So this year, I resolve to stop treating any of my life like a hobby. Every day is a new document demanding my attention and dedication, and every day is also, an old piece requiring editing and refinement. This year, I resolve to go Vroom and learn to say Whoa before I come close to breaking my neck, and also to talk to my sister more often.

Monday, December 28, 2009

Monopoly Rules

On December 21st, the President, touting some 41 billion the federal government would save by 2011, said the following. "The Federal government can no longer spend taxpayers' money like it is “monopoly money.” I'd congratulate the President but he already did for himself anyway, and it just means our deficit is 12.1 trillion plus at the moment, as opposed to 12.5 trillion plus at the moment.

Keep in mind, I concede that any government must spend money to function. In Monopoly, every player starts with 1,500 in cash. But the Democrats have gobbled up the utilities, the cars, they're the banker and seem able to roll doubles three times in a row without going to jail. People are selling the houses they've amassed on their properties to pay the bills while Congress never pays the luxury tax and keep raiding the parking lot and community chest for extra dough. We pass go. We do not collect the 200 dollars, they do.

As straw men go, this one is pretty weak Mr. President. It's not like tax payers have been beating on Congress's door saying, "Spend more! Spend more! We know who we're working for!" Like his predecessor, he gets the bills congress passes. They write the bill. He signs the bill. We pay up the bill. It is very convenient.

He's right though, it's not monopoly money, it's ours. Even though both games are made in China, it's not like we can raid the Game of Life for more funds if we run out. This scenario is more like Wheel of Fortune and we landed on Bankrupt. In one year, we've added a third to our total national debt. I'm not sure we can afford much more of the current government's financial restraint. The government plans to pass health care and cap and trade is next and silently, they've raised the debt ceiling so they could borrow more. The president's "I feel your pain and that's why I'm scolding CEO's, banks and Congress." moment does not resonate a real thirst for fiscal thrift.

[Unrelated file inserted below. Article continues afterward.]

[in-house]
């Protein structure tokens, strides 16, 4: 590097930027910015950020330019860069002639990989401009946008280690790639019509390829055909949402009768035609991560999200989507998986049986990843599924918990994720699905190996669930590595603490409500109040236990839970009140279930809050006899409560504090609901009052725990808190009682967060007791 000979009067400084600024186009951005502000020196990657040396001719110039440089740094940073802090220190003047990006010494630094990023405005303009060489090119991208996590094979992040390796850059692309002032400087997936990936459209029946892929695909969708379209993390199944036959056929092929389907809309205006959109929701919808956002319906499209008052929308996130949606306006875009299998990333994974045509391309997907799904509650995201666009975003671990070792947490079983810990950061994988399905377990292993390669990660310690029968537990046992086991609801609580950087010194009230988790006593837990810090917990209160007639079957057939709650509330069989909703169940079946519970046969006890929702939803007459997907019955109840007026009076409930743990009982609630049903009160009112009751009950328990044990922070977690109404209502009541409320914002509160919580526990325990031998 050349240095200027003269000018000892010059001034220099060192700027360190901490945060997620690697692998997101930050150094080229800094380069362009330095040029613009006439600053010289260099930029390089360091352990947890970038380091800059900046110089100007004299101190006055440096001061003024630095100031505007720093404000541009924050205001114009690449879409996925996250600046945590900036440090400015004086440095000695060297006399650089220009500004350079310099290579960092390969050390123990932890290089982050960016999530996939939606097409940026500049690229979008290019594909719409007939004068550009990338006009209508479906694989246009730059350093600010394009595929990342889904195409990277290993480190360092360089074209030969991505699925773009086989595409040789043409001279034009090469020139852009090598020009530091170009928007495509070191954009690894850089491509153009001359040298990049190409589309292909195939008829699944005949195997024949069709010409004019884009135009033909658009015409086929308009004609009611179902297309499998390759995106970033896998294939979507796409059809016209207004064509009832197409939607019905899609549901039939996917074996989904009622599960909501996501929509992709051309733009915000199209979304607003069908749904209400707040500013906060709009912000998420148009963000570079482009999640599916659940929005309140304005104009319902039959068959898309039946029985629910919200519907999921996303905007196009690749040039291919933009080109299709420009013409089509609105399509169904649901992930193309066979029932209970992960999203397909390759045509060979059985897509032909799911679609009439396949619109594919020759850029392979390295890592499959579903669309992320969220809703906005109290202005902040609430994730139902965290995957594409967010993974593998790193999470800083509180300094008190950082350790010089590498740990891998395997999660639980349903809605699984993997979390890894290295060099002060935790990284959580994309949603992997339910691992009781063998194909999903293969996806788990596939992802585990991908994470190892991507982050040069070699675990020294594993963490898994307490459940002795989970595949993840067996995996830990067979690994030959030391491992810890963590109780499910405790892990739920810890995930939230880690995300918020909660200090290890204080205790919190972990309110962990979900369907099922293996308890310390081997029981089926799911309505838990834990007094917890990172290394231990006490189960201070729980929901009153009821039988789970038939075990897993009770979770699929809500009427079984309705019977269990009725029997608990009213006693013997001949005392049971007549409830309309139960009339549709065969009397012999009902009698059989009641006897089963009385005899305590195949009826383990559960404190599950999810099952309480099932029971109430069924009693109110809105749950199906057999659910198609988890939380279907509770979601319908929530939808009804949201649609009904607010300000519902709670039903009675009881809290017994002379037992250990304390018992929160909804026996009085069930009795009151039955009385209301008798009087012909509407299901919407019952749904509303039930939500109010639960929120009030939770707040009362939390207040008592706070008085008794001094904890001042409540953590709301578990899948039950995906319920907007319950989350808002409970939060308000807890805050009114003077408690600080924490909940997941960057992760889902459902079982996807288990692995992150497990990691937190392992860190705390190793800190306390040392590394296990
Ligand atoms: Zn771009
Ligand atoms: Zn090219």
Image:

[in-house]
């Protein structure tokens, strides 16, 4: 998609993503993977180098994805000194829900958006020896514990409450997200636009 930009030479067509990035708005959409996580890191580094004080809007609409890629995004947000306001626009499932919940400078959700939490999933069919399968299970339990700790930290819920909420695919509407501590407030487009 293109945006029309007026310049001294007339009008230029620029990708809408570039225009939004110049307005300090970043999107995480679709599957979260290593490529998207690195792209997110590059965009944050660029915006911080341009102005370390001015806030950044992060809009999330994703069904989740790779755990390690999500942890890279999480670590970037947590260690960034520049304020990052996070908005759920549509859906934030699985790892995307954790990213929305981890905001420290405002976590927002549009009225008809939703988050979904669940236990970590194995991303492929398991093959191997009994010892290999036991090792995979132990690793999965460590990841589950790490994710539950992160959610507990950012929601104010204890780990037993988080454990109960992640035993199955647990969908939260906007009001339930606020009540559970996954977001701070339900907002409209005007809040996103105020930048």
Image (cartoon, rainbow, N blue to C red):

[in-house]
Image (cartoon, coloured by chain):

I sympathize that the problems the current leader of the land received upon taking office were not easy, but to lecture on how the government will be cutting coupons from now on is laughable given the current Congress's monopoly on power and the Executive's fetish for the high life.

The Presidency is supposed to be a symbolic office in addition to being an actual executive office. Let us examine the symbols we've seen. His wife wears 400$ sneakers. He feasts on Wagyu Kobe beef at 100$ a pound. His kids go to Sidwell, a $28,500 per kid per year school. This year, they Christmased in Hawaii at a place that costs more per day than Boardwalk or Park Place with hotels. Now it's okay that the first family wanted to go take a vacation and Hawaii even makes sense for their family; but they've had more than a few. Trips this year included a jaunt to China, Copenhagen, France, Germany, England, Cairo, the Virgin Islands and the pricey date night in New York plus those necessary democratic fundraisers that are scattered throughout the land. I didn't go to Harvard so maybe I'm missing the nuance, but these things do not seem to me like symbollic empathy with the poor, down trodden or economically struggling.